WITA’s Friday Focus on Trade – December 1, 2023




Event Video – Where Next for the Indo-Pacific Economic Framework

On Thursday, November 30, WITA hosted a webinar to discuss the Indo-Pacific Economic Framework (IPEF). Discussants looked at what was accomplished on IPEF at the APEC Summit in San Francisco, what has yet to be achieved, and where IPEF may be heading from there.
This event was held in partnership with the Asia Society Policy Institute.
Featured Speakers:
Wendy Cutler, Vice President, Asia Society Policy Institute (ASPI), and Managing Director of the Washington, D.C. office; former Acting Deputy United States Trade Representative
Eric Gottwald, Policy Specialist, Trade and Economic Globalization, American Federation of Labor and Congress of Industrial Organizations (AFL-CIO)
Yeo Han-koo, Senior Fellow, Peterson Institute of International Economics; former Trade Minister of the Republic of Korea
Marc Mealy, Senior Vice President-Policy, US-ASEAN Business Council
Moderator: Paul H. DeLaney, III, Partner, Kyle House Group
11/30/2023 | Washington International Trade Association

De-globalization, International Trade Protectionism, and the Reconfigurations of Global Value Chains

Following is an excerpt from ”De-globalization, International Trade Protectionism, and the Reconfigurations of Global Value Chains” published by the Management International Review.
There has been an increasing interest in understanding the impact of international trade protectionism on the global organization and adaptive reconfigurations of value chain activities. The move towards protectionism started in the wake of the 2008 financial crisis, with many economically developed governments enacting populist policies and measures encouraging the local sourcing of supplies in order to protect their local industries and jobs. Such policy interventions have attracted significant interest, which was stimulated by the attempt made by the 45th President of the United States, Donald Trump, to surrender the US’s global leadership and replace it with a more inward-looking and fortress-like mentality, which led to the US-China trade war.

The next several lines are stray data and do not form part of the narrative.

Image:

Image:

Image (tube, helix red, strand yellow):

This significant shift of globalization toward international trade protectionism emphasizes the implicit assumption – made by the international business (IB) literature over the past decades – that globalization is ongoing and accelerating. Under this assumption, the dominant IB studies have examined the causes of globalization and its effects on the activities of multinational enterprises (MNEs). In contrast, relatively limited studies have paid attention to the reverse processes – i.e., ‘de-globalization’ or ‘anti-globalization’ related protectionism measures – and their implications for the reconfiguration of [Global Value Chains] GVCs. As some estimates suggest that around 80% of global trade is undertaken through GVCs, and in such a context protectionism measures and trade wars between the USA and China can have significant consequences for the GVCs. Rising protectionism also reflects the slowing down of globalization, suggesting far reaching implications for firms…